Monday, June 30, 2008

Treated and Released

This image is of the Biomedical Sciences Research Building on the campus of The University of Michigan in Ann Arbor. I took this shot last summer (2007) as a series of exposures with the intent of creating an HDR. However, when I processed the multiple exposures I wasn't particularly happy with the way it came out. I didn't find any one of the series of images to be particularly compelling, although I did like the cloud formations. I decided to try some experimentation to see what I might coax out of the image. The building is an interesting structure, particularly the auditorium which is located in front of the building. Some people refer to this building as the 'pringle', in reference to Pringle's potato chips. I think this building has a slightly alien look to it, so I tried to create an image which had a 'otherworldly' feel to it.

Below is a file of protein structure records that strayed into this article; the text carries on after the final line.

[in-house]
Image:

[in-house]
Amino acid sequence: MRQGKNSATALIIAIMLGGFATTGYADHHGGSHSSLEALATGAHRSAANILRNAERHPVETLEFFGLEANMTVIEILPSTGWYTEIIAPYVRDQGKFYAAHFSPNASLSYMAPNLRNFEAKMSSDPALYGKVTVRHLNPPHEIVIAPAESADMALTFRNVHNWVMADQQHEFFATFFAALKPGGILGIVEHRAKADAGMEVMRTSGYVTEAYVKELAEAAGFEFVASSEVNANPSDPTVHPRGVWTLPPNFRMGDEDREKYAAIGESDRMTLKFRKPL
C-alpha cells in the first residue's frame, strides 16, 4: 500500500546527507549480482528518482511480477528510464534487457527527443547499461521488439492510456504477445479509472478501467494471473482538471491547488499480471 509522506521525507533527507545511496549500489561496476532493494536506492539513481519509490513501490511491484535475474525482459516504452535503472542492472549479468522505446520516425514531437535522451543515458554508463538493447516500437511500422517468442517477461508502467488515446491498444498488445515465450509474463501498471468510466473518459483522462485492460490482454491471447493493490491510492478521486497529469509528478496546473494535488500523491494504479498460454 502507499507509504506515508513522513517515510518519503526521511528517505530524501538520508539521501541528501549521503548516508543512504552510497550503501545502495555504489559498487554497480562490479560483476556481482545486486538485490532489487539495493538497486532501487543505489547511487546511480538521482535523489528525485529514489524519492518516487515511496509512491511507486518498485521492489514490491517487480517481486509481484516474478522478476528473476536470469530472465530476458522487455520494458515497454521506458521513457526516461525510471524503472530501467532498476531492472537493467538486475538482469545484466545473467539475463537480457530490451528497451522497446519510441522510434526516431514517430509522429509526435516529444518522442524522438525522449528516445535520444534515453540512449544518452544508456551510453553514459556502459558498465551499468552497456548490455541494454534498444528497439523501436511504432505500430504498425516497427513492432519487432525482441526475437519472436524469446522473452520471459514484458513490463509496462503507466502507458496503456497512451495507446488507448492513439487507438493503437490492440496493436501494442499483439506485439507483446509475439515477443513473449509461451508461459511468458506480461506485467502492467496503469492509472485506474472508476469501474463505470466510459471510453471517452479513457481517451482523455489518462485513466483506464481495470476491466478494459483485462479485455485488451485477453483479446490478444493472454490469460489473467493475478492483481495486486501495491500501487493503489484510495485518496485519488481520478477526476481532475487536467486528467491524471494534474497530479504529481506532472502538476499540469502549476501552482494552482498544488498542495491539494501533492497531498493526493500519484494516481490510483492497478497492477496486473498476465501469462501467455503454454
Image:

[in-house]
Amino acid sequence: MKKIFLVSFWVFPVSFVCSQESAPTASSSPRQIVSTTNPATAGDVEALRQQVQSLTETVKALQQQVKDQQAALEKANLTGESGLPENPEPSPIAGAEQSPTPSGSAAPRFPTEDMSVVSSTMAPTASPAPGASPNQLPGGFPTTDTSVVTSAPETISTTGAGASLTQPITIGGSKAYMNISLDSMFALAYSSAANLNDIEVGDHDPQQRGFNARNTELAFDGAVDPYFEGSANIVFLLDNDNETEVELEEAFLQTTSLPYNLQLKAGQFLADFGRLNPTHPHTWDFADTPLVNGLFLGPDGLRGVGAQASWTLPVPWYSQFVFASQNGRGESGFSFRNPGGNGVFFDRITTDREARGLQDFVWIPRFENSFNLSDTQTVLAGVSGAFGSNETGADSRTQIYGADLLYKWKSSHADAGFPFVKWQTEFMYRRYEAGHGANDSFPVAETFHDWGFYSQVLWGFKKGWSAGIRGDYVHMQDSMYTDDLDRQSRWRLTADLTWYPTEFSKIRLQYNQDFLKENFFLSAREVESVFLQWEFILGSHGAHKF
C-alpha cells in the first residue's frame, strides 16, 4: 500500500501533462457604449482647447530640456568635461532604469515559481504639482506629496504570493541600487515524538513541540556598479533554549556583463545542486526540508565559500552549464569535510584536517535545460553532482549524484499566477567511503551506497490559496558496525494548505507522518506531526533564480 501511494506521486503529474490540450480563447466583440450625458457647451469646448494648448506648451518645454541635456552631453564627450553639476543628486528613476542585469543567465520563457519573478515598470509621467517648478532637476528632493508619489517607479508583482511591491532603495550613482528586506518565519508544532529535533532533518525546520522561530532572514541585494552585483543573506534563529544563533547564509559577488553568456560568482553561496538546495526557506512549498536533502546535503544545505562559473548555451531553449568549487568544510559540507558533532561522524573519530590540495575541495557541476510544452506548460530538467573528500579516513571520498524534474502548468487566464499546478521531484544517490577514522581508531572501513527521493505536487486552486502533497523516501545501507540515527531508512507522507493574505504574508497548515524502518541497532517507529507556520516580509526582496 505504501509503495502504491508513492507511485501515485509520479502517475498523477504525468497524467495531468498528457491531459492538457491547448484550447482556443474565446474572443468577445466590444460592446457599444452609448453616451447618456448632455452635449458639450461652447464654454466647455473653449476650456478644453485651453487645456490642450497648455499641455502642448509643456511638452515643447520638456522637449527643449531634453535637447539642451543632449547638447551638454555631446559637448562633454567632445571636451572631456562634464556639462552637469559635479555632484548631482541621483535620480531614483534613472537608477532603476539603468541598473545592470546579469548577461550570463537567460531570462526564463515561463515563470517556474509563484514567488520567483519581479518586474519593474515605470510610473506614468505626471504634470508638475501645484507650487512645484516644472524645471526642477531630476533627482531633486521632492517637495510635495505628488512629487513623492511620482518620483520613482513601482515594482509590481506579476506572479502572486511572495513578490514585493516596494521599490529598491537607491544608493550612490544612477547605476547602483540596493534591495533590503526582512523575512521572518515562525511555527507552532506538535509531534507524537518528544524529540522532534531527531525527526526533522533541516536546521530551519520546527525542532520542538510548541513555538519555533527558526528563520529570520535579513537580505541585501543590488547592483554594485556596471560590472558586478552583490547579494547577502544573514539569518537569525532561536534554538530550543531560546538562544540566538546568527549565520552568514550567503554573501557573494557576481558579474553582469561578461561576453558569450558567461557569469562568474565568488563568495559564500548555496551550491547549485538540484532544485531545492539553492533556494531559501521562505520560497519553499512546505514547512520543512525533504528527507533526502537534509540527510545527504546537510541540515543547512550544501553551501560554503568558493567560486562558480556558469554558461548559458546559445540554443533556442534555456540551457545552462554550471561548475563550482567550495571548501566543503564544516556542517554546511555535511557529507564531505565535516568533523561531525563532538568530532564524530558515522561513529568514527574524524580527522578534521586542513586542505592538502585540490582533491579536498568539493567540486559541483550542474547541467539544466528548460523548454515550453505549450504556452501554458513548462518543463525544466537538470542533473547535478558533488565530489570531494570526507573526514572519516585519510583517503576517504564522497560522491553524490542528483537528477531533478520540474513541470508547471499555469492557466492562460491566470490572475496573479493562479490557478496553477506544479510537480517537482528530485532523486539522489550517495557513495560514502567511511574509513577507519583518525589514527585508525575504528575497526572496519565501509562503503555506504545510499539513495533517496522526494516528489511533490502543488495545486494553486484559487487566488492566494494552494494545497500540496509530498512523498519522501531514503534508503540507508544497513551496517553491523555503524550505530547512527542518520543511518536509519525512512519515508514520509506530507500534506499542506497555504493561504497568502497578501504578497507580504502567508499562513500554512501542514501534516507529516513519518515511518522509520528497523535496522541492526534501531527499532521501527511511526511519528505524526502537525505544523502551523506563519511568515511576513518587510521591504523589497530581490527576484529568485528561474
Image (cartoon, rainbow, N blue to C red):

The image to the left is the raw, unprocessed image. It is relatively flat, but has some potentially interesting color and texture in the clouds. I wanted to use something which would bring out the texture and shape. There is also some detail in the building itself but it is hidden in the dark.

In the layers pallette you can see that the number of processing steps was minimal. Since I had originally tried to create an HDR from multiple images, I decided to see what I could do if I used the Photomatix tonemapping plugin for Photoshop. I opened the plugin as a smart filter so I could go back later and make adjustments if I wanted to. The remaining steps were designed to improve the contrast just a bit, add some additional texture and tone.